Veterinary laser surgery in action
Boaz Man, DVM, uses CO2 laser to surgically remove a growth from a patient's chin.
Therapeutic lasers have been employed for many years in human medicine, and the modality has recently been gaining traction in veterinary medicine. According to the American Animal Hospital Association, laser treatment can be used in conjunction with other therapies and medications to help manage pain and inflammation and promote healing.
For Boaz Man, DVM, owner and medical director of Boca Midtowne Animal Hospital in Boca Raton, Florida, surgery is an ideal use for carbon dioxide (CO2) lasers.
According to Man, CO2 lasers generate minimal tissue trauma, which means less postsurgical pain, bleeding, and swelling, thus accelerating healing. The laser can be used to seal nerve endings, blood vessels, and lymphatics, giving veterinarians more control over the surgical field. The precision offered by CO2 lasers makes many procedures easier and cleaner, with less postsurgical scarring. With CO2 laser surgery, Man says, hospitalization time is decreased and the patient does not require as many bandages or rechecks, saving time and money for both your team and your clients.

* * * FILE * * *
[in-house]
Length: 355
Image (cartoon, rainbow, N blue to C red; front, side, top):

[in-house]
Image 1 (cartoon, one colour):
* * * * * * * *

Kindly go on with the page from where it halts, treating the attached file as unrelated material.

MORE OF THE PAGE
In the video below, Man demonstrates how laser surgery painlessly removes a lump from a patient's chin.